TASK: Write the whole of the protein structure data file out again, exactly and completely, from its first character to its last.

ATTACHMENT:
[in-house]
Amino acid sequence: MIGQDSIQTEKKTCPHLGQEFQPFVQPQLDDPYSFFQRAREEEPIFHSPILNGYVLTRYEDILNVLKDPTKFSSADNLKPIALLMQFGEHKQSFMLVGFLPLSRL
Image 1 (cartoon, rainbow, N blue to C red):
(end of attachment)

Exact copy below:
[in-house]
Amino acid sequence: MIGQDSIQTEKKTCPHLGQEFQPFVQPQLDDPYSFFQRAREEEPIFHSPILNGYVLTRYEDILNVLKDPTKFSSADNLKPIALLMQFGEHKQSFMLVGFLPLSRL
Image 1 (cartoon, rainbow, N blue to C red):